"An obturateur, with bone, similar to those last described, carrying four natural teeth, supplied the deficiency in the maxillary bone. A cast was then procured of the lower half of the face, by means of which, a piece of ivory was accurately fitted to the deficiency in the lip, and was shaped and coloured, to imitate what the parts were in.. their original state. To this artificial lip was affixed mustachoes, which, intermixing with his own, that were permitted to grow, hid the line of union between the natural and artificial parts. It was held in its position by two pivots screwed into its under surface, which passed through the anterior face of the bony part of the obturateur. The artificial lip could therefore be removed without disturbing the obturateur, at the pleasure of the patient, and was found to answer almost all the purposes of the lost parts."
We have now given a short sketch of Mr. Snell's little volume. The subject of which it treats is important, and one which has been much neglected; as the present work, so far as we are acquainted, is the only one written on it in English. Mr. S., we have no doubt, will prosecute this branch of art much further, and will bring it ultimately to a comparate degree of perfection. He has ample opportunities of accomplishing that object, from the extensively gratuitous assistance which he renders to the lower classes of society; and we know well that no one is more prompted by a true love of art and science to bring about that end than he is.
A Practical Epitome and Exposition of the whole Stamp Law and Duties; specifying what Duties have been lately repealed, and all that are now payable; with Directions concerning Deeds and Instruments, in which Property in Ireland or elsewhere may be included, and Assignments of Mortgages and Reconveyances of Annuities; Legacies and Probates, or Administrations, Executorship Accounts, and Return of Probate Duty, &c. Illustrated with all applicable Cases and Decisions, some of them especially regarding Leases, Mortgages, and Purchases. To which are added, Copious Annotations on Material Points. The whole arranged in strict alphabetical order for easy reference. By J. A. Heraud, Author of the Digest of the Stamp Laws, dedicated to the Commissioners of Stamps, &c. &c.-12mo. pp. 138. London, 1824. Clarke. IT has been said, that the difference between a prudent man and an imprudent one consists in this; that, while the latter unhesitatingly gratifies every desire which he forms, the former refrains until he has sate down to count the cost. The stamp duties constituting a very considerable proportion of the expense attending the transfer of property, it is obvious that the present volume will be found extremely useful by those prudent men whom we have referred to; while, to the members of the legal profession it is almost indispensable.
The stamp law was originally extremely simple. The impost was levied merely upon the vellum, parchment, or paper, used; and was, in fact, only an occasional exaggeration of the excise duties upon those articles. Subsequently, however, other principles have been introduced; and the duty is now chargeable, not only with respect to the quantity of material employed, but to the number of words contained in the instrument,-to the value of the property, and, in some instances, to its locality, or to the residence of the parties contracting.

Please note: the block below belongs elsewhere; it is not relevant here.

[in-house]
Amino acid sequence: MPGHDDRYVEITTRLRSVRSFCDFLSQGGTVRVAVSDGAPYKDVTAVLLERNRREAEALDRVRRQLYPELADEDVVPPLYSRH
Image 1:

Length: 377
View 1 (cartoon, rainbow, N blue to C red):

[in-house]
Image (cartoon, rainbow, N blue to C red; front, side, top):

"With the distinction of verbal quantity, and the imposition of the ad valorem duty, new æras commenced in the stamp law. That distinction and imposition indicated the substitution of new rules for the aucient one. Two principles were thus implied. The Instrument of transfer, and the Value of the property, were both chargeable. To these has lately been added a third; the Locality of the property also determines the nature and degree of duty. Thus the nature of the stamp duty has become entirely modified. It is no longer an exaggeration of the excise only, but also a supervention upon every other tax to which every species of property may be liable. Care must be taken in future enactments that these modifications may not induce complexity and confusion,"
In such a labyrinth, it is obviously desirable to meet with a guide, conveying the requisite information with the requisite brevity. Such a guide is the work before us. It exhibits an
accurate and complete view of the whole law of stamps, corrected to Michaelmas term, 1824, illustrated by annotations and notices of important decisions in the Courts. The profession will find, collected within the compass of a few pages, all the information that can anywhere be acquired upon the subject, and which could previously be obtained only by wading through various acts of parliament, and numerous volumes of reports. The object avowed by the author he has certainly succeeded in attaining.
"The present epitome and exposition of the stamp laws and duties embraces the result of much diligent research. The cases cited will be found to clear away some of the solecisms and doubts created by subtle refinement on the subtleties of legislation. The insertion of all the cases reported respecting stamps had been superfluous and futile, many being applicable only to systems of law and duties long since repealed.
"The author has endeavoured to combine in this, as in each preceding publication, simplictty and accuracy in the means, with utility as the end of his exertions. The strict alphabetical order, as most appropriate for a book of general reference, has been adopted in the present work. To anticipate surmise, and prevent difficulties, each item now relieved from stamp duty, by the recent act of repeal, will be found under its proper head, distinguished by the word 'exempt.'
"Fortified by the accuracy that has obtained in all the author's former labours, and conscious of the care bestowed upon the present publication, he now ventures to assure the profession, for which it is peculiarly calculated, and the public at large, that this work will be found correct in its details relative to the ratio of duty, and to contain every thing necessary upon which to found a decision in any question of stamp law. His sole view has been to convey, if possible, an accurate and competent general knowledge of every subject connected with the law of stamps."
Time's Telescope; or the Astronomer's, Botanist's, and Naturalist's Guide, for the Year 1825.-London. Sherwood and Co.
THIS is the twelfth annual publication under the above title, and contains the usual melange of chronology, history, biography, astronomy, meteorology, botany, ornithology, and poetry. The biographical division contains, among others, notices of Lord Byron, Mr. Payne Knight, Mr. Bowditch, the African traveller; Davy, the composer; the late venerable Cursitor